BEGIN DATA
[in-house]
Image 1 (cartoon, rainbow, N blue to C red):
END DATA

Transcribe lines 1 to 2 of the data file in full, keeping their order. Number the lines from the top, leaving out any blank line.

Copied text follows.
[in-house]
Image 1 (cartoon, rainbow, N blue to C red):